• 16 yr old finicky, underweight cat gobbles down this canned food. Tried so many different brands that she picks at and walks away, it’s a relief to find something she likes consistently that doesn’t cost 5x the price.

  3. Here’s a tip from my vet, add some water to canned cat food. It will help them consume more hydration and also make them feel more full. So they won’t be pestering me for more food quite so much ( like every time I walk into the kitchen).

  4. Why not just feed them both dry and wet? I have two neighbourhood strays that visit everyday, so I buy them both Aldi dry & wet and they seem to love it. They’re happy to get anything, seeing as they were previously eating the peanuts I put out for birds & squirrels!

    • 3 times a day my cat gets wet cat food, once a day dry. I also use the dry as treats in his slow self feeder toy. Seems to work well for him and he’s lost weight. Looks good, feels good.
      I just bought canned Aldi cat food. I hope he …he just finished his dish of Aldi’s canned cat food. 🤞🏻

  5. Are they discontinuing the 3oz small cans of Heart to Tail premium gourmet Chicken entree pate cat food? I’ve been to several Aldi’s and can only find the larger cans which my picky cats won’t eat, but they DO love the Chicken. I hope it not’s being discontinued!!
    Thanks

    • No! My aldi sells the 3 oz chicken gourmet entree pate. Maybe your aldi’s are out of stock of the flavor at the moment?

  6. Not all cans state they are pate. My cat gets the runs, and I’m left cleaning hindquarters, if mine eats anything with gravy in it.

  7. Glad I only feed the stray kitties. Don’t have to clean ’em! The couple of strays I feed, strangely enough, don’t like pate and don’t seem to like seafood of any kind.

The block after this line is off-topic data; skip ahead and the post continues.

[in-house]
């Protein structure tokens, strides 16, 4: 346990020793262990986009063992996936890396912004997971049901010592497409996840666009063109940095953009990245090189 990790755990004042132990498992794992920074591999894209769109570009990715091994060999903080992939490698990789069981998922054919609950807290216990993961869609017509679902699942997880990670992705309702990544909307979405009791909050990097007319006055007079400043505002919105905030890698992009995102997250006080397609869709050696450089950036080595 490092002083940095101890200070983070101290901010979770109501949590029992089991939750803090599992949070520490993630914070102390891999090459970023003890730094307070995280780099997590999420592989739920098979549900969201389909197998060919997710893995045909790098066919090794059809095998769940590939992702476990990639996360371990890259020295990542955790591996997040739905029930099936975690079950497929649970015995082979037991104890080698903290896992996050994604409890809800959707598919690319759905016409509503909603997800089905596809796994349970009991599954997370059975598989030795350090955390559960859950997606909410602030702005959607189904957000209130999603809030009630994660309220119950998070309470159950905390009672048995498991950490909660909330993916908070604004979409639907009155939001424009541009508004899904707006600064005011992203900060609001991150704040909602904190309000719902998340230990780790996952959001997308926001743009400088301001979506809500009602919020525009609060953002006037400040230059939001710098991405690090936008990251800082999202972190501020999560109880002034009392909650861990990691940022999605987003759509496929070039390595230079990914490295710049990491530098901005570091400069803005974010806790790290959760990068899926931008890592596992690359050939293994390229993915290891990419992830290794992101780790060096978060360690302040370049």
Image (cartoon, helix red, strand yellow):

8. bone meal is a very desirable ingredient, very necessary to cat health. It is one reason why a cat wouldn’t be healthy eating human canned tuna exclusively. When cat’s eat mice, chipmunks, etc. they consume the bones.

  9. Don’t they choke?

  10. My cat will only eat the chicken Heart to Tail from Aldi’s and I can’t get it all the time. Any way of buying it in bulk from any where. I’m desperate.

    • Same thing with my cat and the Heart to Tail Salmon. I finally found that Winn Dixie has the same food, called Heart & Tails, and same price as I paid at Aldi. BUT the store manager let me know that they’ve “had trouble” getting cat food for a few weeks.

      • Winn Dixie sells a brand called Whiskers & Tails, which is different than the Aldi Heart to Tail food. Heart to Tail is only sold at Aldi.

        • Maybe so, but the food at W/D smells the same, looks the same – and my cat eats it, and that’s my goal.

  11. If you’re having trouble finding the canned cat food at Aldi, it probably has to do with increased demand (more people got pets during the past year and a half) along with supply chain disruptions that are causing delays with all kinds of products these days. The problem is not limited to Aldi. Here’s more info: https://www.supermarketnews.com/winning-pet-care/rising-demand-supply-issues-impacting-pet-food-category